Shooting USA – Smith & Wesson Defensive Pistol Nationals
This time, it’s a carnival of fun at Smith & Wesson as the stages of fire get even more creative. It’s IDPA competition at the Indoor Nationals. Plus, the transition from muzzle loading to the metallic cartridge for the U.S. Army. The Trapdoor is one of History’s Guns. Then, we’re inside the Civilian Marksmanship Program’s depot discovering Army history and building up M1 Garands that could be for you.
IDPA Indoor Nationals
The International Defensive Pistol Association (IDPA) governs the shooting sport that uses practical equipment in self-defense scenarios. More often than not, IDPA competitions will have an overall theme, and this year at the Indoor National Championship, match directors decorated courses of fire to resemble a carnival. Competitors are tested in gun handling skills and defensive positioning under the “Big Top” at the Smith & Wesson ranges in Massachusetts.
“Every year we look at it and we think how can they do anything any better, and somehow they manage to make the match bigger, better, the props are more exciting,” says IDPA’s Executive Director Joyce Wilson. “I mean, it’s a carnival this year. It’s a real carnival.”
IDPA welcomes shooters of all skill levels and with firearms that fall under several divisions. Competitors may shoot revolvers or full-size semi-auto pistols throughout the match, or even carry guns. The IDPA created a new division called “Compact Carry Pistol” that now opens the door to those who would like to compete with the gun they carry every day.
History’s Guns: Trapdoor Springfield
As the world transitioned from muzzle-loading rifles to the self-contained black powder cartridge, the U.S. Army had a problem. There were too many Springfield Rifle Muskets left over from the Civil War, and there was no use for the soon-to-be obsolete rifle. So, Springfield Armory’s Master Armorer Erskine Allin came up with a solution. Allin cut open the barrel at the breech and inserted a hinged loading system leading the way to the Model 1873 Trapdoor Springfield.
“It’s simplicity in itself. You just load through the Trapdoor. That’s where it gets its name. Put a cartridge in. Close it, cock it and you’re ready to fire,” says Firearms Historian Garry James.
Inside the CMP: the M1 Garand
The Civilian Marksmanship Program’s mission is to promote marksmanship and sell surplus Army firearms. The CMP is authorized by Congress to sell direct to the public, without a local gun dealer. The hot commodity is the M1 Garand but not necessarily the Garand as first assembled at the Springfield Armory half a century ago. Today, skilled armorers work daily to re-assemble the historic firearms and ship them to civilian buyers.
“It’s a great investment. You buy one today, and five years from now, there’s no telling what it’s going to be worth,” says Armorer Jerry Shealy. “I even like them myself. I sure do. I think it’s a great gun, enjoyable to work on.”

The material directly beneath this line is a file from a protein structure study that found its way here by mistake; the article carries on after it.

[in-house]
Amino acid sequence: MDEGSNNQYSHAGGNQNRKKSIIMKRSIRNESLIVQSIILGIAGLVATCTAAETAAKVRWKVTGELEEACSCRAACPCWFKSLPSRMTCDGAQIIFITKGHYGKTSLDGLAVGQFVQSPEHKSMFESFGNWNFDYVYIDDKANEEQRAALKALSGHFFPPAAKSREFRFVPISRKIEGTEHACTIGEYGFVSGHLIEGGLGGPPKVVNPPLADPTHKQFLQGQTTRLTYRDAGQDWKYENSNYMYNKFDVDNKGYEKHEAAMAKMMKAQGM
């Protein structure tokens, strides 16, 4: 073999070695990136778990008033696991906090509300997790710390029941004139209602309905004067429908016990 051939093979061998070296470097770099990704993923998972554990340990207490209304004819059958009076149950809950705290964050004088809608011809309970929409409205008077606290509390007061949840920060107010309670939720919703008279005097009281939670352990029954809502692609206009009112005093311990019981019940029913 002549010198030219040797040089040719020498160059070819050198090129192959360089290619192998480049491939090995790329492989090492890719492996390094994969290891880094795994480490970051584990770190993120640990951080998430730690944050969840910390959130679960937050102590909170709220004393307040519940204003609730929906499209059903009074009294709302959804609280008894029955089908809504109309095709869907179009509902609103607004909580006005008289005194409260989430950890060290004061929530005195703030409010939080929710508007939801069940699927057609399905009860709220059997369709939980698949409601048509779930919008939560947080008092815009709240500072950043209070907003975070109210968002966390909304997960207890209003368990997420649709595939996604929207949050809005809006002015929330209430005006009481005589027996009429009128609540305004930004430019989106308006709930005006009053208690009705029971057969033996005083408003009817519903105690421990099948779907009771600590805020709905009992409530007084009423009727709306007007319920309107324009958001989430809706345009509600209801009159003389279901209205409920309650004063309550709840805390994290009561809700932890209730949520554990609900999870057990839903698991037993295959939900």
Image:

BLACKHAWK! TECGRIP Holster
There’s a new take on an existing holster design from BLACKHAWK!. The TECGRIP holster is a small inside-the-pocket holster for carry guns, but it uses and outer material with microscopic fingers that creates grip. The TECGRIP works well in the pocket, in a backpack, or briefcase. The design is fully ambidextrous. It also keeps dust and debris out of your firearm. Sizes are available for all of the popular semi-autos as well as revolvers based on barrel length.
Smith & Wesson M&P CORE in 9mm with Threaded Barrel
The newest member of the Smith & Wesson M&P pistol family is the CORE in 9mm with a threaded barrel. The CORE designation means the slide has been relived and tapped to accept red dots as well as a tall front and rear sight combination so you can co-witness. The 4 ¼-inch threaded barrel comes with a thread protector over the ½’’ x 28-2A threads, perfect for many of the popular suppressors out there. The Smith & Wesson M&P CORE threaded in 9mm is $825.
Speed Loaders for Revolvers: Stair-Stepped Speed Strip
Speed loaders for revolvers can be bulky to pack around, but here’s the better idea: the Stair Stepped Speed Strip. It holds five or six rounds that only come out when you pull sideways to release the rounds in the chamber. Plus, the rounds won’t fall out of the strips in your pocket. That’s the big improvement. There are two choices, 38-357, and an eight-round version for .22. The Speed-Strips are not widely distributed yet, but they are in the Shooting USA online store, a package of three for $16 plus shipping.
Pro Tip: SFC Jeff Holguin – Best Shotgun Chokes for the Range & for a Hunt
Your shotgun came with chokes. So it would probably help your shooting if you knew what each one could do. Sergeant Jeff Holguin of the U.S. Army Marksmanship Shotgun Team explains how to choose chokes to bag more birds, and break more clays.
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NRA Membership Offer: Jim Pays $10 when you join the NRA through the Shooting USA website.